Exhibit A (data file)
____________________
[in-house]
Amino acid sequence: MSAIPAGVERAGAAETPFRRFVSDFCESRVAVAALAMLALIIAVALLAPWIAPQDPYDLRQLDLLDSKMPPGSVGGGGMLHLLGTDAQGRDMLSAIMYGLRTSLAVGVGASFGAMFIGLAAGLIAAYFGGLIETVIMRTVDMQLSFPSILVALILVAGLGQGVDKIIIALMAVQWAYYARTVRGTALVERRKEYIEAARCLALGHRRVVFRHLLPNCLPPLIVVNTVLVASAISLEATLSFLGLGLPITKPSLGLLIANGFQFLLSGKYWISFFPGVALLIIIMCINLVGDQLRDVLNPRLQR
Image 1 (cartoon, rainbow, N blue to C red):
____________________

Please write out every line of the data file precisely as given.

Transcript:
[in-house]
Amino acid sequence: MSAIPAGVERAGAAETPFRRFVSDFCESRVAVAALAMLALIIAVALLAPWIAPQDPYDLRQLDLLDSKMPPGSVGGGGMLHLLGTDAQGRDMLSAIMYGLRTSLAVGVGASFGAMFIGLAAGLIAAYFGGLIETVIMRTVDMQLSFPSILVALILVAGLGQGVDKIIIALMAVQWAYYARTVRGTALVERRKEYIEAARCLALGHRRVVFRHLLPNCLPPLIVVNTVLVASAISLEATLSFLGLGLPITKPSLGLLIANGFQFLLSGKYWISFFPGVALLIIIMCINLVGDQLRDVLNPRLQR
Image 1 (cartoon, rainbow, N blue to C red):